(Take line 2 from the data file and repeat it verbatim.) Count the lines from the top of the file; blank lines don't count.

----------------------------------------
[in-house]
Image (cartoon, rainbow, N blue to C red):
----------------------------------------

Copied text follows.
Image (cartoon, rainbow, N blue to C red):